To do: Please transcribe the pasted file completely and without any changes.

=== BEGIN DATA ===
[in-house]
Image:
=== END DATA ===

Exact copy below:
[in-house]
Image: